Simply put, this digital twin solution comprises of two parts- the physical and digital versions of the assets and the data flow between them.
The tower infrastructure and assets are mapped and the data captured is modeled into a digital replica. Once the data from the physical asset has been used to create the digital one, data from the digital twin can then be used in the physical reality to improve business processes and to make the transition from solely relying on taking preventive maintenance measures to predictive ones.
Needless to say, the success of this digital twin solution hinges on data making the accumulation and digitalization of all tower data the need of the hour.
Data that towercos can map to generate digital twins
By now, we understand the importance of data for successful digital twin modeling, and before towercos and MNOs can dive into capturing it, a proper data-accumulation strategy needs to be laid out that defines the data that will be required for short-term analysis, decision-making, and long-term data transformation so that inspection activities can be timed properly and any data noise can be avoided.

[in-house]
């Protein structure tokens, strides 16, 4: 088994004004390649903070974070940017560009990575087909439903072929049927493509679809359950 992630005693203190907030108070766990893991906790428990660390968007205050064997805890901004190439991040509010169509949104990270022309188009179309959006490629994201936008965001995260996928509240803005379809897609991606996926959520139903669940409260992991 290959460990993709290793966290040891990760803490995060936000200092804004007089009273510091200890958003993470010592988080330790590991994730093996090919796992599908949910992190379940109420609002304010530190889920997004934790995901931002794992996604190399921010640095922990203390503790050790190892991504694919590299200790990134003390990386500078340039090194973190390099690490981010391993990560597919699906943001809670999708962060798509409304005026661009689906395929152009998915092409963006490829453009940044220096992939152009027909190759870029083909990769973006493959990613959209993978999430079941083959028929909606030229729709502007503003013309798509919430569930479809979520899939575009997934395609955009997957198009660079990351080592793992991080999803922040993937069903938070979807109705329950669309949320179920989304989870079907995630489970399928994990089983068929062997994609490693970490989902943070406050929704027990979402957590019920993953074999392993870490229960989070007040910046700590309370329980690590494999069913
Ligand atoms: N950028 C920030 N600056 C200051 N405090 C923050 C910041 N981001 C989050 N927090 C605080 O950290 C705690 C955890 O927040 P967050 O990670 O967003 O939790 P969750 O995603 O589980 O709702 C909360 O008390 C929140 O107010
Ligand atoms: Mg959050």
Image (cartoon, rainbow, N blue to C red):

For the creation of digital twins, asset data sets need to be defined to capture everything from the installation date of the asset, collection date of data to the asset’s physical characteristics such as dimensions, the orientation of load, surface color and temperature, and environmental conditions within which the asset has been placed. Such a virtual representation of towers and assets not only helps towercos identify potential spaces where additional antennas could be added for improved efficiency, but it also helps to identify if the tower is overloaded placing the structural integrity of the tower at risk.
Once this captured data is fed to an AI-powered digital twin model that is programmed to create custom inspection algorithms, towercos will be able to predict dimensional changes in the steel lattice, environmental stress due to heat, wind load on the tower infrastructure, and the onset of cracks and rust. This would take predictive maintenance to a higher level of efficiency, significantly reduce the downtime and maintenance costs, and increase the overall customer experience that towercos can offer to the MNOs.